But, yes, it is neat to find these MS folios.  It is very personal.  That said, they often have no monetary value attached to them as we are the only ones interested in them 

Carrie, thank you for posting the link to this banjo and the handwritten tune book. The book reminds me of 18th and 19th century village fiddler's tune books that pop up from time to time. Their unique value is not really in the tunes and their origins, but knowing which specific tunes an individual player liked enough to write down. It brings the personal right back into focus and I find that moving. That insight usually vanishes with the player. Who knows who the writer was? The book may not even be solely (or at all) linked to that banjo? The style does seem a little archaic for 1925. Maybe the writer was getting on in years in 1925 and some of that noted repertoire reflects his playing from a decade or two earlier? We'll never know. 

As a Brit musician I spent a long time puzzled as heck by the application of the term 'jig' to 2/4 tunes. Traditionally here a jig is 6/8 with a few variations (mainly in ITM) for slip jigs and slides. 

These straight jigs are very common in the 19th century English banjo context. My understanding is that there is an African-American heritage for this usage. Straight jigs do seem to have been introduced to the UK (or certainly popularised) through the American Minstrel repertoire from the c.1830's and 1840's. They were clearly a big hit and popular with English banjo players. In addition to the many examples in late 19th century printed sheet music, I have numerous examples of original straight jigs (and breakdowns) composed for 6 and 7-string banjo by English banjo players in the 1860's and 1870's. I think the distinction (if there is one) may be in the syncopation?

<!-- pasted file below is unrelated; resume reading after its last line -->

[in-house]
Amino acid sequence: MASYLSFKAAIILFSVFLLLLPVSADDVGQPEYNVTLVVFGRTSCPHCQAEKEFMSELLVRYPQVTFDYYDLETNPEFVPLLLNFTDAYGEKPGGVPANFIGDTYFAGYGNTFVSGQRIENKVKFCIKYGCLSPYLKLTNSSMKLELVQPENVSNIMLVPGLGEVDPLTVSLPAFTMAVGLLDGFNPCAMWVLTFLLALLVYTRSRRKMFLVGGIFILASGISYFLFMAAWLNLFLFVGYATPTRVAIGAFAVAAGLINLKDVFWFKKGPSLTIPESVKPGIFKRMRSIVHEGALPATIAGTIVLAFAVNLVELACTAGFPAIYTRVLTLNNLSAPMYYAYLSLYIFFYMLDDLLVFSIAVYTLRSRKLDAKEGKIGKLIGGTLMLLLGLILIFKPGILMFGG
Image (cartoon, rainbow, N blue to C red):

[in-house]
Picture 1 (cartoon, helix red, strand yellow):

Jody Stecher said:

I've been looking at the other tunes in his Turner collection. Some are called "jig" and some are called "breakdown". I can find no difference in their structure. What am I missing?

Joel Hooks said:

Thunderstorm Breakdown, with second banjo, is found in this Turner's collection:

https://archive.org/details/turners60jigs/page/n26/mode/1up?view=th...

I have found some of the pieces from this Turner's collection were printed in other Turner's books.  It is possible that one could find all the others in this MS in published form.  XL also has "arranged by" and then some squiggly lines.

But, yes, it is neat to find these MS folios.  It is very personal.  That said, they often have no monetary value attached to them as we are the only ones interested in them 

Yes, 19th century tune books on both sides of the Atlantic contained tunes in 2/4 or 4/4 labeled "jig".  "Double Jigs" in 6/8   time in the same collections were labeled as Irish or sometimes Scottish. What I am trying to understand is what distinguishes these "straight jigs" from "breakdowns".  I'm looking for structural signatures and am finding nothing in one category that the other lacks. Could it be the speed at which they were played?  It does not seem to be a matter of dotted rhythm vs straight time.  This is puzzling. 

Mike Bostock said:

As a Brit musician I spent a long time puzzled as heck by the application of the term 'jig' to 2/4 tunes. Traditionally here a jig is 6/8 with a few variations (mainly in ITM) for slip jigs and slides. 

These straight jigs are very common in the 19th century English banjo context. My understanding is that there is an African-American heritage for this usage. Straight jigs do seem to have been introduced to the UK (or certainly popularised) through the American Minstrel repertoire from the c.1830's and 1840's. They were clearly a big hit and popular with English banjo players. In addition to the many examples in late 19th century printed sheet music, I have numerous examples of original straight jigs composed for 6 and 7-string banjo by English banjo players in the 1860's and 1870's.